“As our preceding discussion of the Purchase Agreement clearly demonstrates, more than the fee simple interest in the subject property was transferred on March 3, 1993, i.e., personal property, land, engineering work, etc. Furthermore, the amount actually paid for the real property cannot be readily ascertained from a review of the Purchase Agreement. It is precisely this type of complex sale agreement for which the Supreme Court recognized the need for independent appraisal analysis in which cash equivalency calculations are utilized and/or a true value is estimated through acceptable methods of real estate appraisal.”
The BTA went on to find:
“From a review of Mellinger's testimony, who indicated that he played a ‘very big part’ in the BOR's determination of true value for the subject property, we agree with appellant that the manner in which the BOR determined value may be somewhat questionable. * * * Aside from the fact that we are unable to determine whether the capitalization rate utilized is appropriate for this type of property, appellant has pointed out that both annual fees and monthly fees have been included in the calculation despite the language of the Purchase Agreement to the contrary.”
As previously stated, Mellinger was appellees' only witness before the BTA. The “annual fees and monthly fees” to which the BTA refers are a $600,000 annual fee and a fee equalling seventeen percent of the gross disposal receipts, respectively. Appellees included both fees in the valuation of the property, thereby calculating a total present value for both fees at approximately $6,000,000. However, only one, not both, of the fees should have been included. The purchase agreement herein reads at page 10:
“The amount of Six Hundred Thousand Dollars ($600,000.00) to be paid within fifty-five (55) days of the end of the first year after the Closing Date, and on the same date for each year thereafter of the Term, except that no such payment shall be due for any year in which Monthly Percentage Disposal Fees aggregate in excess of that amount. Any such monthly payments during any year of the Term shall operate as a credit against the foregoing minimum.” (Emphasis added.)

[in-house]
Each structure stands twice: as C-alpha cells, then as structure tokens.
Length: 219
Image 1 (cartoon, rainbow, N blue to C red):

Acknowledging the miscalculation, the BTA nonetheless concluded, citing Harvard Refuse, Inc. v. Cuyahoga Cty. Bd. of Revision (Feb. 5, 1987), Cuyahoga App. Nos. 51634 to 51677, unreported, 1987 WL 6116:
“In the absence of reliable independent appraisal analysis which reduces the sales price to its present-day value or which adequately develops the approaches discussed in Ohio Adm.Code 5705-3-03(D), the best indication of value of the subject property remains the value assigned by the BOR.”
The value assigned to the property by appellee, Columbiana County Board of Revision, was not presumptively correct. Springfield Local Bd. of Edn. and Cambridge Arms, Ltd., supra. The BTA specifically acknowledged the many flaws in the method that was utilized by appellee, Columbiana County Board of Revision, to establish the property value. The BTA further recognized that given the terms of the purchase agreement in this case, an independent appraisal analysis, pursuant to the dictates of Ratner, was warranted; however, it failed to direct that such an appraisal be completed.